The grass genera of the world
~ Deyeuxia (D. uncinioides (S.T Blake) Royen & Veldk.)
Habit, vegetative morphology. Perennial; caespitose. Culms 6–10 cm high; herbaceous; unbranched above; 2 noded. Young shoots intravaginal. Leaves mostly basal; non-auriculate. Leaf blades linear; narrow; 0.4–0.6 mm wide; setaceous; rolled (convolute); without cross venation; persistent. Ligule an unfringed membrane; not truncate (ovate, lacerate); 1.1–1.5 mm long.
Reproductive organization. Plants bisexual, all with bisexual spikelets; with hermaphrodite florets.
Inflorescence. Inflorescence paniculate; contracted; spicate; espatheate; not comprising partial inflorescences and foliar organs. Spikelet-bearing axes persistent. Spikelets not secund; pedicellate (the pedicels 0.5–0.8 mm long); imbricate.
Female-fertile spikelets. Spikelets 3.5–4 mm long; compressed laterally; disarticulating above the glumes. Rachilla prolonged beyond the uppermost female-fertile floret; prolongation hairy; the rachilla extension naked. Hairy callus present. Callus short; blunt.
Glumes two; more or less equal (subequal); shorter than the spikelets; shorter than the adjacent lemmas; hairless; scabrous; subacute; awnless; carinate; similar (thinly cartilaginous). Lower glume shorter than the lowest lemma; 1 nerved. Upper glume 1 nerved, or 3 nerved. Spikelets with female-fertile florets only.
Female-fertile florets 1. Lemmas convolute; similar in texture to the glumes (thinly cartilaginous); incised; 2 lobed (minutely bilobed); not deeply cleft; awned. Awns 1; median; dorsal; from near the top; hooked; non-geniculate; hairless; much shorter than the body of the lemma (0.7 – 1.2 mm long); entered by one vein; persistent. Lemmas hairless; glabrous; carinate; 5 nerved; with the nerves non-confluent. Palea present; conspicuous but relatively short (about 2/3 of the lemma length); entire (obtuse); awnless, without apical setae; textured like the lemma; not indurated; 2-nerved; 2-keeled. Palea keels wingless; glabrous. Lodicules present; 2; free; membranous; glabrous; not toothed; not or scarcely vascularized (hyaline). Stamens 3. Anthers 0.6 mm long; not penicillate; without an apically prolonged connective. Ovary apically glabrous. Styles fused. Stigmas 2.
Abaxial leaf blade epidermis. Costal/intercostal zonation conspicuous. Papillae absent. Mid-intercostal long-cells rectangular and fusiform; having markedly sinuous walls. Microhairs absent. Stomata common. Subsidiaries predominantly dome-shaped. Guard-cells overlapping to flush with the interstomatals (mostly more or less flush). Intercostal short-cells common; in cork/silica-cell pairs; silicified. Intercostal silica bodies mostly crescentic. Costal short-cells predominantly paired, or neither distinctly grouped into long rows nor predominantly paired (a few short rows). Costal silica bodies horizontally-elongated crenate/sinuous (predominating over most veins: a short variant of the crenate type), or tall-and-narrow to crescentic (a few).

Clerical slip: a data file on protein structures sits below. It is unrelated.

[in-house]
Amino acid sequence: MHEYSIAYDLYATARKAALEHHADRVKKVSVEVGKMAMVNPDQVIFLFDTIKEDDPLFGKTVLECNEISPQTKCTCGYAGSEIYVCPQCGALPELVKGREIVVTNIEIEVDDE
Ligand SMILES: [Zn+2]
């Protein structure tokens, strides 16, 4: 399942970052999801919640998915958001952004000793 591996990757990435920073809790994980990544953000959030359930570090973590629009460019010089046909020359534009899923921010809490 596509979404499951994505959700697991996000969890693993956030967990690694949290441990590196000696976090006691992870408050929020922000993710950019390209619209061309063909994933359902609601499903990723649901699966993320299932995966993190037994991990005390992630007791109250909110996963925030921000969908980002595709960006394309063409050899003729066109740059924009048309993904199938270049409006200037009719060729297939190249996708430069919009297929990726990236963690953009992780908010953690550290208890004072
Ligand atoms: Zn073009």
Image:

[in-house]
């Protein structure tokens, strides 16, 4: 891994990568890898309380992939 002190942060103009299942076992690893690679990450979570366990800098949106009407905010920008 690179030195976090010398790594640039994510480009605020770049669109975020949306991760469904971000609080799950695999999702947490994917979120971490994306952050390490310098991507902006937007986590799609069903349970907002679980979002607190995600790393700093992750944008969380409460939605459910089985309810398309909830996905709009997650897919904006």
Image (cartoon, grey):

Transverse section of leaf blade, physiology. C3; XyMS+. Mesophyll with non-radiate chlorenchyma; without adaxial palisade. Leaf blade with distinct, prominent adaxial ribs (the tops rounded); with the ribs more or less constant in size. Midrib not readily distinguishable (except by its location); with one bundle only. Bulliforms present in discrete, regular adaxial groups; in simple fans (in each furrow). All the vascular bundles accompanied by sclerenchyma. Combined sclerenchyma girders absent (adaxially with strands only, abaxially with girders and strands). Sclerenchyma all associated with vascular bundles.
Classification. Watson & Dallwitz (1994): Pooideae; Poodae; Aveneae. Soreng et al. (2015): Pooideae; Poodae; Poeae; Agrostidinae. 2 species.
Distribution, phytogeography, ecology. Montane New Guinea.
Mesophytic. Damp places and montane grassland.
References, etc. Morphological/taxonomic: Blake 1946. Leaf anatomical: this project.
Special comments. Fruit data wanting. Illustrations. • Spikelet of A. uncinioides. • Lemma tip with hooked awn (A. uncinioides)
We advise against extracting comparative information from the descriptions. This is much more easily achieved using the DELTA data files or the interactive key, which allows access to the character list, illustrations, full and partial descriptions, diagnostic descriptions, differences and similarities between taxa, lists of taxa exhibiting or lacking specified attributes, distributions of character states within any set of taxa, geographical distribution, and classifications. See also Guidelines for using data taken from Web publications.
Cite this publication as: ‘Watson, L., Macfarlane, T.D., and Dallwitz, M.J. 1992 onwards. The grass genera of the world: descriptions, illustrations, identification, and information retrieval; including synonyms, morphology, anatomy, physiology, phytochemistry, cytology, classification, pathogens, world and local distribution, and references. Version: 13th November 2017. delta-intkey.com/grass’.